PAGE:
It was the Mosquito NF.2 that provided the basis for the FB.6 fighter-bomber, of which 2718 were built during and after the war and it remained in service with the RAF in occupied Germany until 1950.  The first FB.6 was a converted NF.2, HJ662, and this flew for the first time on 1st June 1942.  The FB.6 also equipped some of Coastal Command’s strike wings and also some squadrons of  No 2 Group specializing in low-level precision attacks.  The FB.6 carried four 250 lb bombs (series 1) in addition to the eight gun armament or four 500 lb bombs (series 2).  Alternatively extra fuel could be carried in 50 gallon jettisonable wing tanks or extra tankage in the fuselage behind the cannon.  Series 2 aircraft also featured the Merlin 25 engine.  418 Squadron was the first to be equipped with this variant during May 1943.  Provision was made in 1944 to carry four 60lb rockets under each wing in place of the wing tanks or bombs for attacks on shipping.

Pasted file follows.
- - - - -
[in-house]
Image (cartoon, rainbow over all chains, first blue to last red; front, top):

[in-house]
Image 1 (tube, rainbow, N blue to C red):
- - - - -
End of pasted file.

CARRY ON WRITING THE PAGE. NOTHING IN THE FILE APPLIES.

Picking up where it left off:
After construction by de Havilland at Hatfield, TA639 was placed directly into storage with 27 MU at RAF Shawbury on the 13th April 1945.  Removed from storage on the 19th May 1952 and sent to Brooklands Aviation Ltd for conversion to Target Tug standard before transfer for duties to Northern Ireland.  By 16th January 1957 TA639 was back in storage first with 38 MU, RAF Llandow, then back with 27 MU at RAF Shawbury.  With just over 100 flying hours TA639 was transferred on the 24th September 1959 to 3 CAACU (Civilian Anti-Aircraft Co-operation Unit) at Exeter until being S.o.C on the 31st May 1963.  During June/July/September of 1963 TA639 was extensively used in the making of the ‘633 Squadron' film (one of five airworthy and three taxiable Mosquitoes - all ex 3 CAACU).  After the filming was completed TA639 was used for personal/display use by the Commandant at Little Rissington until, with just over 600 flying hours on the clock, TA639s last flight on the 3rd October 1965.  Transferred by road to the RAF museum store at RAF Henlow in August 1967 TA639 finally arrived at RAF Cosford in the September of 1969.  In the photograph TA639 wears the markings of the Mosquito XX of 627 Squadron, AZ-E, in which Wing Commander Guy Gibson VC lost his life on the 19th September 1944.  It is in a full late war camouflage scheme with dark green and grey upper surfaces and black under sides, wing and fuselage roundels.